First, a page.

Netanyahu ally resigns, deepening Israeli political turmoil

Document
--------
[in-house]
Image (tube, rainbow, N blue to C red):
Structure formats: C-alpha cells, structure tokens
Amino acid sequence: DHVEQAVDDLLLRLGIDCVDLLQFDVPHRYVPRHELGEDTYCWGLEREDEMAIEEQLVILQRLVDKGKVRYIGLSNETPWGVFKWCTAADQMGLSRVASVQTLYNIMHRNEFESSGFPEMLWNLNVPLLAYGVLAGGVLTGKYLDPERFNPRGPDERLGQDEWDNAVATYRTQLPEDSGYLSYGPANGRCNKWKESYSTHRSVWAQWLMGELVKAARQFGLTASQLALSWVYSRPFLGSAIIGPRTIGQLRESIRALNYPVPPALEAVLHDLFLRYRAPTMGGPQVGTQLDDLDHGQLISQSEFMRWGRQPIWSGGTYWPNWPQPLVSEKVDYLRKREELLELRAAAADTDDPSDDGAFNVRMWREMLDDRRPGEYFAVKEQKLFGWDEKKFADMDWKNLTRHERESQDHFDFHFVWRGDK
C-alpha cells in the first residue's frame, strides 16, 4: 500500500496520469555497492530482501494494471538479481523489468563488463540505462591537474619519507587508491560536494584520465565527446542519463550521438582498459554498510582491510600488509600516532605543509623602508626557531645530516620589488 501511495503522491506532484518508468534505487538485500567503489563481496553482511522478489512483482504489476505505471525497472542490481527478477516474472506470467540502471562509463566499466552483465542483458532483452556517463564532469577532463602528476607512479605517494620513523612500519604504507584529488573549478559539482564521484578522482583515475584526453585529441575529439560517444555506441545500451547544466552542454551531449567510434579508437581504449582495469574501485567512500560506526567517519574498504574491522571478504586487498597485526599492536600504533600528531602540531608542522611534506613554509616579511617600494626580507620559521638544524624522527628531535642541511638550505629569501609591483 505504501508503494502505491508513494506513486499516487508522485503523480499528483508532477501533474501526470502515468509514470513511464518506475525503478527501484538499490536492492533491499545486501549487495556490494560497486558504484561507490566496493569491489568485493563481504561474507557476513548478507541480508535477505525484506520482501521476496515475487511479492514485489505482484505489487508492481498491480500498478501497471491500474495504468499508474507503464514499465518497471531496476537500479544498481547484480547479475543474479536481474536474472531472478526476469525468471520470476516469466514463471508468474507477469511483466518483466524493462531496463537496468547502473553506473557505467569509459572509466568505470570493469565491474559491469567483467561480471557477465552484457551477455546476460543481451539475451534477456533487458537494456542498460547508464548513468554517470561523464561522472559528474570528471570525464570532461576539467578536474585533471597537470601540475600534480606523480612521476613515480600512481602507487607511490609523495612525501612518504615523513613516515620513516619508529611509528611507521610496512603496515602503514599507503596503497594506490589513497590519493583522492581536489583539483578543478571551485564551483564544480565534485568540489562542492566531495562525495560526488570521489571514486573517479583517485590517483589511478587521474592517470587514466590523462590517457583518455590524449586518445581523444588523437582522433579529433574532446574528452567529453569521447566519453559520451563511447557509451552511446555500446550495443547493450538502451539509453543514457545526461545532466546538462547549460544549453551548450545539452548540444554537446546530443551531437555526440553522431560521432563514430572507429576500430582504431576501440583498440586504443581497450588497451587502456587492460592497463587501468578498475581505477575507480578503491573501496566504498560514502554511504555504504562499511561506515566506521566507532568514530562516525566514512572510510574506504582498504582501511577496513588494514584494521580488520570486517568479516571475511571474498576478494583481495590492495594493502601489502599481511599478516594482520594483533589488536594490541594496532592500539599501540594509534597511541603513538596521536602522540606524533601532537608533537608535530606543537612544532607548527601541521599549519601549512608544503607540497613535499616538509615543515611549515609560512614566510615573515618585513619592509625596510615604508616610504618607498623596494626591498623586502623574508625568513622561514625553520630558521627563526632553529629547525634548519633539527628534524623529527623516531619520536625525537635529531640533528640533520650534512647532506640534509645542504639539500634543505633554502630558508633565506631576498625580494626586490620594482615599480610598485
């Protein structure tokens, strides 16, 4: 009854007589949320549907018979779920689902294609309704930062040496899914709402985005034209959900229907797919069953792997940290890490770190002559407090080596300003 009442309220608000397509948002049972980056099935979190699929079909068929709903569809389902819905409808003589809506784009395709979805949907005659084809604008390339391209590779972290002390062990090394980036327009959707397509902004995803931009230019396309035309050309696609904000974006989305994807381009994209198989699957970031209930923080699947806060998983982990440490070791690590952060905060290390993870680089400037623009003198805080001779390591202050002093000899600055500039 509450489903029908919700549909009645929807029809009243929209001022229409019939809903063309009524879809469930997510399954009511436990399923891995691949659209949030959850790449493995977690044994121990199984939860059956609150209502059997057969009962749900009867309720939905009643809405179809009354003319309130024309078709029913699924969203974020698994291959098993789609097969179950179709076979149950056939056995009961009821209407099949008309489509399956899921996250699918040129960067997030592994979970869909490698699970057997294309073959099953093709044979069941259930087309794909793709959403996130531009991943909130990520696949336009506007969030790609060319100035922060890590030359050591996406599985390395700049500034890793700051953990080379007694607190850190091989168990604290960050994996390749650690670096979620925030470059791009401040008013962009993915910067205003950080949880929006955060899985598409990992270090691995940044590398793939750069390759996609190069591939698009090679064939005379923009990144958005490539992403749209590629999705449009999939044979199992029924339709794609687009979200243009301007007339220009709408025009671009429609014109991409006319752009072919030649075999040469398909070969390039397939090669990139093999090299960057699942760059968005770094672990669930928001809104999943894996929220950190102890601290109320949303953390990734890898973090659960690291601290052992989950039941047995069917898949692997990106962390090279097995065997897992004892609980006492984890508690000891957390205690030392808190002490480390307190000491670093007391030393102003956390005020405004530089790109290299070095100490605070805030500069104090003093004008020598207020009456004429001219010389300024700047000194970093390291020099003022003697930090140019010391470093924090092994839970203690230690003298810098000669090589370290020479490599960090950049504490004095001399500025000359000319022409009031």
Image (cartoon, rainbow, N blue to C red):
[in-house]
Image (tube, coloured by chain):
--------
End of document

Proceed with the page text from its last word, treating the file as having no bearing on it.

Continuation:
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JERUSALEM Israel’s parliament speaker abruptly resigned Wednesday, dealing a blow to Prime Minister Benjamin Netanyahu and deepening the country’s political turmoil as the embattled Israeli leader tries to cling to power amid a fast-spreading outbreak of the coronavirus and a looming corruption trial. The resignation of Knesset Speaker Yuli Edelstein clears the way for the opposition to move forward with efforts in parliament to topple Netanyahu. But by resigning, Edelstein, a member of Netanyahu’s Likud party, also defied a Supreme Court order to hold a vote for his successor, throwing down a new obstacle that could delay the opposition from proceeding with its agenda for several days. The move drew an angry reaction from the opposition Blue and White Party, which now has the backing from a slim parliamentary majority. “The Israeli parliament belongs to Israel’s citizens, and their elected representatives will follow the laws of the state of Israel and the rulings of its courts. No one is above the law,” Blue and White leader Benny Gantz tweeted.Edelstein suspended parliamentary activities last week, citing procedural issues and restrictions on large gatherings due to the spread of the coronavirus. But opponents accused him of blocking the vote on his replacement to shield Netanyahu from legislation that would limit his lengthy rule. Netanyahu was recently indicted on various corruption charges and faces a criminal trial. Earlier this week, the Supreme Court ordered him to hold a new vote by Wednesday, with the chief justice accusing him of “undermining the foundations of the democratic process.” While some members of Netanyahu’s Likud party urged him to defy the order, he responded that he would “not agree to an ultimatum” and resigned instead.“The Supreme Court decision destroys the work of the Knesset. The Supreme Court decision marks a harsh and arrogant intervention of the judicial branch in the affairs of the elected legislative branch,” Edelstein, the parliament speaker for the past seven years, charged in his last appearance as speaker.— AP